will tell them how this happened, though they surely will not acknowledge
their own reflections.
A New Electronic Journal
As ICCF10 concluded on Friday morning, Peter Hagelstein announced
the founding of a peer-reviewed electronic journal for the LENR
field, Condensed Matter Nuclear Science. This is a title that had
been approved by the ICCF organizing Committee at ICCF9 in Beijing
(May 2002). The journal already has a website, http://cmns.mit.edu,
on an MIT-run server. The editors of the new journal are, For North
America: Peter Hagelstein, Michael McKubre, George Miley, and Ed
Storms; For Europe: Jean-Paul Biberian and Francesco Scaramuzzi;
For Asia: X.Z. Li and Akito Takahashi. Editorial correspondence
may be sent to the editors at CMNSEditor@aol.com.
Hagelstein remarked that he anticipated that the strict standards
of unbiased, fair review would lead to an acceptance rate of 50%
for submitted papers. He welcomes especially "focussed theory
papers on new phenomena."
The Mainstream Cold Fusion/LENR
Paradigm: Its Limitations
The astonishing results presented at ICCF10 have sharpened a fundamental
issue that has been lurking in the background in the "cold
fusion" field since its early days. We all know that our tortuous
path began with the assertion by Martin Fleischmann and Stanley
Pons (F&P) that evidence for previously unknown kinds of nuclear
reactions and excess heat of large magnitude could be observed in
certain electrochemical cells with heavywater-based electrolyte.5
They wrote, ". . .the data on enthalpy generation would require
rates for reactions (v) and (vi) in the range 1011 -
1014 atoms s-1. It is evident that reactions
(v) and (vi) are only a small part of the overall reaction scheme
and that other nuclear processes must be involved." (Reaction
(v) was D + D --> T + H and reaction (vi) was D + D --> 3He
+ n.) They reiterated this in the discussion section of their controversial
paper, "The most surprising feature of our results however,
is that the reactions (v) and (vi) are only a small part of the
overall reaction scheme and that the bulk of the energy release
is due to an hitherto unknown nuclear process or processes (presumably
due to clusters of deuterons)." Indeed, it was very reasonable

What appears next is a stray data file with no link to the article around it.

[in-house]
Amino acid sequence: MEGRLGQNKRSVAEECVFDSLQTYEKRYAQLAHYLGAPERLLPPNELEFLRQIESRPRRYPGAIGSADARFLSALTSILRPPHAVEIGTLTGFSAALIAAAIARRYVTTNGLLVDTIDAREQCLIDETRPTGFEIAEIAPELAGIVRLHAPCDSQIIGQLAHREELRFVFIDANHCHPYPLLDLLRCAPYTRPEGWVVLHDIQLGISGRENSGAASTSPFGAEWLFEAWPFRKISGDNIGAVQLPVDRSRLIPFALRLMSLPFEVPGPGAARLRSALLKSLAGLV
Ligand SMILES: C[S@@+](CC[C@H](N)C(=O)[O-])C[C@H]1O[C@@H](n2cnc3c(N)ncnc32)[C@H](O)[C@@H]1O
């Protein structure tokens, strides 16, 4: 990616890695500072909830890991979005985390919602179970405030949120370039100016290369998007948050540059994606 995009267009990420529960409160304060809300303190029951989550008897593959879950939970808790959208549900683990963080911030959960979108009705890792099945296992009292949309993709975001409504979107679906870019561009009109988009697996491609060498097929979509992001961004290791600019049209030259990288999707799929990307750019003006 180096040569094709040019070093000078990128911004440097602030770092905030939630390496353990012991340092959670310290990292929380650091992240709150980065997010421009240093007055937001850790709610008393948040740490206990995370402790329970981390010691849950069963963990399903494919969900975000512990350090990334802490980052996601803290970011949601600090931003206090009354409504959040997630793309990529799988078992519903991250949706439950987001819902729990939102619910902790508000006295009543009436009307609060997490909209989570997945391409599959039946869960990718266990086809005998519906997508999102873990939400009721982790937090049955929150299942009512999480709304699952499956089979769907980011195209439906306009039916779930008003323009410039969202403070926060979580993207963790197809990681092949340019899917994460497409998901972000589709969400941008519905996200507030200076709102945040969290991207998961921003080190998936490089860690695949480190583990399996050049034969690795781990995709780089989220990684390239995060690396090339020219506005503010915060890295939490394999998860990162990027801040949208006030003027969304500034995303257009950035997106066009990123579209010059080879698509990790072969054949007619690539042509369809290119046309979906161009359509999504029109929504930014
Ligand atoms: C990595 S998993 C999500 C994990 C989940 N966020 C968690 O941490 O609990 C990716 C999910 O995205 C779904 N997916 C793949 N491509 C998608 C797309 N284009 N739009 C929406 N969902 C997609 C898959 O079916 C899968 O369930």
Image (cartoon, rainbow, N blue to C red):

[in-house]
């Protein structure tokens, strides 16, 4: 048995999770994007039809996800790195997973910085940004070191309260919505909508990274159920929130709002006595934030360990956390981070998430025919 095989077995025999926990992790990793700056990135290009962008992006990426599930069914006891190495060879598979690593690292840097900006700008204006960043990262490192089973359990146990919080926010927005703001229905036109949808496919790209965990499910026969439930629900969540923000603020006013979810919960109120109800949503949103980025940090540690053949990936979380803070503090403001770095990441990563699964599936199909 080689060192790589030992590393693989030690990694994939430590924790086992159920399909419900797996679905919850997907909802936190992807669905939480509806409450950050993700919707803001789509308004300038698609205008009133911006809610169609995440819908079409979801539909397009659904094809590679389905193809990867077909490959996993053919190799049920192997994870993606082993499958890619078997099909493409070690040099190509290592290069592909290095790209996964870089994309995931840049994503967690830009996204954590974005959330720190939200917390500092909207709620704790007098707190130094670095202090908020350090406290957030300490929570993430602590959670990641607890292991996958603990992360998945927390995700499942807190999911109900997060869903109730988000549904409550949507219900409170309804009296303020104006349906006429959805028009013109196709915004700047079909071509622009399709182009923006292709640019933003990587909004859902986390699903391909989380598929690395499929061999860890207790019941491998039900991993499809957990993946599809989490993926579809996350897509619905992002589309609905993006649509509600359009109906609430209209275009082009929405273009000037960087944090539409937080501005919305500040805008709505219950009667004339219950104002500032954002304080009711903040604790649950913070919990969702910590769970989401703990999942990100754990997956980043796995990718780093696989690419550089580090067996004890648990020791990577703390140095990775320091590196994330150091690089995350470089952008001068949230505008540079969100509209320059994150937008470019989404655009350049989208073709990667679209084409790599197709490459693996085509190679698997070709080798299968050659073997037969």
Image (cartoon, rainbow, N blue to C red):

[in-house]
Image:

for them to presume that a class of nuclear reactions might ultimately
explain cold fusion since some nuclear products had already
been detected (tritium generation and low-level neutron emission,
which were later confirmed in more exacting ways) and the magnitude
of the excess energy was far too large to be explained by conventionally
understood chemical reactions.
This set the stage for the battle that has now waged
for fourteen-plus years, with the critics denying the existence
of any evidence in support of the F&P nuclear reaction
hypothesis either from excess heat measurements or from measurements
of nuclear products. From the results presented at ICCF10 and all
previous ICCFs, the evidence for large magnitude excess heat production
in the LENR field is overwhelming, as is the evidence for a variety
of nuclear products and emissions. The critics are profoundly wrong.
That leaves the hypothesis posed by F&P initially that the "bulk
of the energy release is due to an hitherto unknown nuclear process
or processes." Can that hypothesis be adequately defended,
as so many in the LENR field maintain?
The first experimental indication that F&P's hypothesis
might be correct came in early-1991, when Miles et al. found a correlation
between the excess heat from F&P-type cells (or the lack of
excess heat thereof in cases that were null) and the presence or
absence of 4He signature in the gas evolved from the
F&P cells in their lab.6 They reported this formally
in the scientific literature in 1994.7 But while these
remarkable results were being readied for publication, several new
directions or offshoots had emerged from and within the CF/LENR
field. In the spring of 1991, Dr. Randell Mills et al. reported
significant excess heat from ordinary water cells with nickel electrodes,
an energy which they deemed to be coming not from nuclear reactions,
but from a new form of catalyzed shrinkage reaction via a drastically
remodeled form of the hydrogen atom and a re-write of quantum mechanics,
which is now called by Mills "Classical Quantum Mechanics"
(CQM).8,9 These explanations (and even the claim of excess
heat in ordinary water-based electrochemical cells) did not go over
well either with the CF/LENR community or the hard-line Establishment
critics of table-top anomalous physics. CF/LENR scientists, themselves